An unusual complication of a common endemic disease: Clinical & laboratory aspects of patients with brucella epididymoorchitis in north of Iran

Department of infectious disease, North Iranian tropical and infectious disease research center, Mazandran university of medical sciences, Iran. .
BMC Research Notes 08/2011; 4(1):286. DOI: 10.1186/1756-0500-4-286
Source: PubMed


Brucella epididymoorchitis(BEO) is a focal complication of human brucellosis and has been reported in 2-20% of patients with brucellosis. Brucellosis is an endemic disease in Iran. The incidence of the disease in this country is 34 per 100 000 per year.
In a retrospective study, we identified 30 cases of Brucella epididymoorchitis in two teaching hospitals in the north of Iran during 1997-2009.
Epididymoorchitis occurred in 11.1% of male patients with brucellosis. The average age was 25.5 ± 12.43 years. Pain and scrotal swelling (100%) and fever (96.7%) were the most common symptoms. Different treatment regimens were administered including doxycycline plus rifampin (60%), doxycycline plus rifampin plus aminoglycoside for the first two weeks (36.6%) and doxycycline plus cotrimoxazole(3.4%). Ten percent of the patients did not respond to antibiotic therapy and required surgical drainage or orchiectomy.
In brucellosis endemic areas, clinicians who encounter patients with epididymoorchitis should consider the likelihood of brucellosis. A careful history and physical examination and an immediate laboratory evaluation help to make a correct diagnosis. Generally, classical therapy of brucellosis is adequate for the treatment of epididymoorchitis.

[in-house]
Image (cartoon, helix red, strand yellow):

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    • "The highest annual incidence rates are reported from the Middle Eastern countries, such as Syria, Iraq, Iran, and Saudi Arabia (Pappas et al., 2006). In Iran, where Brucellosis is endemic, the incidence of the disease is up to 34 per 100,000 per year in certain areas (Najafi et al., 2011). "
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    ABSTRACT: Brucellosis is an important zoonotic disease with a worldwide distribution. Despite its control in many countries, it remains endemic in Iran. Routine serological surveillance along with high clinical suspicion and screening of family members of index cases would be essential in delineating the real magnitude of human brucellosis in endemic countries. Laboratory testing is indispensable for diagnosis. Advances in newer rapid, sensitive, and specific testing methodologies and alternate treatment strategies are urgently needed. A safe and effective vaccine in human is not yet available. Prevention is dependent upon increasing public awareness through health education programs and safe livestock practices. Co-operation between health and veterinary services should be promoted actively .This review contains all these issues in general, and the incidence, diagnosis and therapy in particular, in the Iran.
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